Alzheimer’s is a devastating disease for both patients and their families that typically affects the elderly in large proportions. Detecting the disease in its early phase gives the best chances for effective treatment. A team of scientists recently performed an extensive survey in a group of 20-somethings, marking the earliest ever detection of early-onset dementia warning signs and paving the way for new treatments.
The scientists studied people aged 18 to 26 who carried a gene mutation that made them more vulnerable to early-onset and familial Alzheimer’s disease. When compared to non-carriers, they found distinct differences like certain proteins in blood and cerebrospinal fluid and brain changes. These are early signs that hint towards Alzheirmer’s even 25 years before the disease even gets the chance to show its symptoms.
“Early-onset and familial Alzheimer’s disease is relatively uncommon but terribly distressing for the individuals and their family,” said Associate Professor Michael Valenzuela, Leader of Regenerative Neuroscience Group, at the University of Sydney’s Brain & Mind Research Institute, who was not involved in the study.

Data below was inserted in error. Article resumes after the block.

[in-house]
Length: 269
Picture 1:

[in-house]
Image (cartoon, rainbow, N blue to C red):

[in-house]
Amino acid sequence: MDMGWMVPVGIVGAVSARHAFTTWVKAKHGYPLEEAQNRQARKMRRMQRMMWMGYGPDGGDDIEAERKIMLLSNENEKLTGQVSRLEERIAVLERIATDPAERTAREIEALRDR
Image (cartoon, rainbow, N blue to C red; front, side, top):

“If we are to intervene to help stop or slow the disease, when? Clearly, 20 years before symptoms there are already major brain changes; does that mean we need to intervene even earlier (adolescence or childhood)? How realistic is this, particularly if such an intervention were to have significant risks?”
The findings are indeed monumental for those suffering from early onset or familial Alzheimer, but follow-up studies are required to see whether these apply to people with late-onset Alzheimer’s disease that do not carry the genetic mutation present in this study’s group of subjects. “Then a simple blood test may be possible in the future which can indicate people at risk.”
Tibi is a science journalist and co-founder of ZME Science. He writes mainly about emerging tech, physics, climate, and space. In his spare time, Tibi likes to make weird music on his computer and groom felines.